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  • When should I use a struct instead of a class? I'm currently using classes for everything from OpenGL texture wrappers to bitmap fonts.

  • Is a class that I use just like a struct (no making usage of inheritance, polymorphism, etc.) still slower than a struct?

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There are a number of other very similar questions already on SO. –  luke Nov 3 '10 at 19:55
    
And none of them concerns efficiency of either, do they, now? –  Armen Tsirunyan Nov 3 '10 at 20:09
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@Armen: no, they just say they are exactly the same. Then it is left as an exercise for the reader to make the leap of deduction that if they are exactly the same, then they are probably equally efficient too. –  jalf Nov 3 '10 at 21:34
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@jalf: Interesting form of deduction. :) If they are exactly the same, then the performance is exactly the same. –  GManNickG Nov 3 '10 at 22:50

5 Answers 5

Structs and classes in C++ as you may know differ solely by their default access level (and default accessibility of their bases: public for struct, private for class).

Some developers, including myself prefer to use structs for POD-types, that is, with C-style structs, with no virtual functions, bases etc. Structs should not have behavior - they are just a comglomerate of data put into one object.

But that is naturally a matter of style, and obviously neither is slower

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For clarification: a "POD type" means "plain old data", and refers to a struct or class that is basically the same as a C struct in terms of performance. See fnal.gov/docs/working-groups/fpcltf/Pkg/ISOcxx/doc/POD.html for more details. And as Armen notes, you can declare POD types as either class or struct without any performance difference; it is simply style. –  Kristopher Johnson Nov 3 '10 at 19:30
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The pedant would note that class could also be used instead of typename to declare a template parameter, while struct cannot. But that's just a syntactical nitpick without true relevance to the question. :) Good answer, +1 from me. –  sbi Nov 3 '10 at 20:30
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@sbi: The funny thing is that I did consider writing about that syntactic "difference" too, but thought it would be overly pedantic... You never know what reaction it would cause :)) –  Armen Tsirunyan Nov 3 '10 at 20:54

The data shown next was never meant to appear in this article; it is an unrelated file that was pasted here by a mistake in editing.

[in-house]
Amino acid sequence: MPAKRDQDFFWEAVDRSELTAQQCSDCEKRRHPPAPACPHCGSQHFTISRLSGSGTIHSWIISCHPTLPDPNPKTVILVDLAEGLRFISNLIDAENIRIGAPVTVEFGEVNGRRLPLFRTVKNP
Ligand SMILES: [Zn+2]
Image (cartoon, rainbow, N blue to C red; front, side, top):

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@Armen: Of course, had you listed this yourself, I'd have quickly pointed out that it is totally irrelevant for the question at hand and had best been left out of your answer. :) –  sbi Nov 3 '10 at 21:02
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@sbi: when it comes to pedantry? Most C++ people are. ;) –  jalf Nov 3 '10 at 21:36

1) There is no real difference between the 2 other than the fact that struct members are, by default, public where classes are private.

2) No its EXACTLY the same.

Edit: Bear in mind you can use virtual inheritance with structs. They are THAT identical :)

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Thanks for the precise answer. This really helped me! –  Markus P. Nov 3 '10 at 19:24
    
You can even declare a class with the class keyword and define it using struct, and vice versa :) –  Armen Tsirunyan Nov 3 '10 at 19:26
    
@Armen: It warns you against doing it though. Always make sure you have 0 warnings! ;) –  Goz Nov 3 '10 at 19:29
    
Naturally, I just wanted to emphasize your point that they are THAT identical –  Armen Tsirunyan Nov 3 '10 at 19:33

Instead of cheaping out and referring to other questions, I'll re-iterate what others have said before I add on to them.

struct and class are identical in C++, the only exception being that struct has a default access of public, and class has a default access of private. Performance and language feature support are identical.

Idiomatically, though, struct is mostly used for "dumb" classes (plain-old-data). class is used more to embody a true class.

In addition, I've also used struct for locally defined function objects, such as:

struct something
{
    something() : count(0) { }
    void operator()(int value) { std::cout << value << "-" << count++ << "\n"; }
    int count;
} doSomething;

std::vector<int> values;

...

std::foreach(values.begin(); values.end(); doSomething);
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Love the example as it is something that I have yet to encounter in any elementary c++ class (educational =D no pun intended). –  g19fanatic Nov 4 '10 at 16:12
    
@g19fanatic: They're probably waiting for lambdas. Or going "locally defined function - why would I want that /SticksTongueOut"? –  Merlyn Morgan-Graham Nov 4 '10 at 16:18

as others have explained, they're the same thing except for default access levels.

the only reason why classes can be perceived to be slower is because a good style (but not the only one) is the one mentioned by ArmenTsirunyan: struct for POD types, class for full-fledged object classes. The latter ones usually include inheritance and virtual methods, hence vtables, which are slightly slower to call than straight functions.

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I like to use classes when I need to have an explicit destructor. Because then, you should be following the rule of three, in which case you need to write a copy constructer and assignment overloader. With all of this, it seems more natural to use a class than a struct.

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